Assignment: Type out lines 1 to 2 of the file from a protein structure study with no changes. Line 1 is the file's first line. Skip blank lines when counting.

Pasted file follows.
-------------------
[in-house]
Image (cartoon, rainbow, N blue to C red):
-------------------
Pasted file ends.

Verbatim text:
[in-house]
Image (cartoon, rainbow, N blue to C red):